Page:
Sonnet 6

by


  Then let not winter's ragged hand deface,
  In thee thy summer ere thou be distilled:
  Make sweet some vial; treasure thou some place,
  With beauty's treasure ere it be self-killed:
  That use is not forbidden usury,
  Which happies those that pay the willing loan;
  That's for thy self to breed another thee,
  Or ten times happier be it ten for one,
  Ten times thy self were happier than thou art,
  If ten of thine ten times refigured thee:
  Then what could death do if thou shouldst depart,
  Leaving thee living in posterity?
    Be not self-willed for thou art much too fair,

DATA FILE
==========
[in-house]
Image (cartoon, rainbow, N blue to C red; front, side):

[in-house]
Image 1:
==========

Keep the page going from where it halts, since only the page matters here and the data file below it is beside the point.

To be death's conquest and make worms thine heir.


6

facebook share button twitter share button google plus share button tumblr share button reddit share button email share button share on pinterest pinterest


Create a library and add your favorite stories. Get started by clicking the "Add" button.
Add Sonnet 6 to your own personal library.

Return to the William Shakespeare Home Page, or . . . Read the next poem; Sonnet 60

Anton Chekhov
Nathaniel Hawthorne
Susan Glaspell
Mark Twain
Edgar Allan Poe
Mary E. Wilkins Freeman
Herman Melville
Stephen Leacock
Kate Chopin
Bjørnstjerne Bjørnson